There’s an old saying: Entrepreneurs work 80 hours a week so that they don’t have to work 40 hours a week. These are folks who don’t want to stick to a particular mode, people who want to be their own bosses, but they’re also their own biggest critics.
Entrepreneurs are the most driven people on the planet. They’re constantly seeking to innovate, and more often than not, that means tackling harder problems than anyone else. And even if the solutions they develop are simpler and more streamlined for consumers, the work behind the curtain can be incredibly complicated.
But the biggest problem entrepreneurs face, the one that stops them cold more often than anything else, isn’t figuring out an elegant solution or bringing a concept to market. It’s usually the step that seems like the simplest one in building a successful business or service.
Simply put, most would-be entrepreneurs get stuck because they’re intimidated by learning a new industry or market inside and out. But there’s a simpler way to face the challenge.
The first stage of learning seems like the easiest and most fun part of a new venture. But the prospect of learning something completely new without a textbook guide or roadmap kills most ventures before they get off the ground. You want to learn about an industry in order to fix it? Even if you have an idea of how you’re going to revolutionize a market, there’s no step-by-step way to learn all its details, especially if you don’t work in it day to day. It’s like college without professors, a syllabus, or even an idea of where to start.
But there is a way around this, and it’s by barreling straight through the information, twice.
Learn an industry once as a consumer, then go back through again from the viewpoint of a businessperson. Defining your entry point seems like the toughest math problem in the world, but in reality, there’s no wrong answer, because you’re going to go through it all again.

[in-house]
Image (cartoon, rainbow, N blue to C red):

Step one is to approach a product space, industry, or market from the viewpoint of a normal buyer or consumer. You want to fix an industry? Try it out as is. Don’t worry about making sure you take all the information in at once. Just do whatever it takes to get a general consumer experience. See where it succeeds, see where it fails, and note where you’re entirely confused. If you come to a dead end, that’s okay, you’ve simply identified a point that needs tweaking. Step one should be stress free.
Between steps one and two, it’s time to get your mind in order. You have the basic information, you’ve made your mental syllabus because now you have the landscape in view. Now’s the time to prep your brain (or even supercharge it) for a step when clarity and objective perspective is everything.
Step two is to look back through your consumer experiences from the entrepreneur’s perspective. And here’s the key: take copious notes. Write them down by hand, record them in a spreadsheet, put sticky notes all over your laptop. By now you know where the pain points lie for your potential customers. Do they have to exist that way? Can they be bypassed? And most importantly:
What DON’T your consumers know about the process?
Was there something you didn’t care about or something you overlooked when acting as a consumer? Think about what it takes to fulfill that product or service, then deduce what went on behind the scenes (or what didn’t). Notice any gaps or have any questions? Just can’t figure something out?
Excellent. That means you’ve started to identify industry secrets and behind the scenes knowledge. With those specific questions or mysteries in mind, you can go about finding the final answers you need to become an expert on the field. Ask people or companies specific questions, and they’re likely to give you a straight answer. Ask them something general like “What’s your biggest pain point?” or “How does your fulfillment system work?” and they’ll ignore you from the start.
The more specific your question, the easier it is to find an answer, whether you’re turning to an industry veteran, Google, or a particular subreddit.
Go through your problem twice. Make the first pass stress free. Prepare your mind for step two, and then charge forward confidently, after all, you already know more than when you started, and with new information already flowing, intake seems that much less intimidating.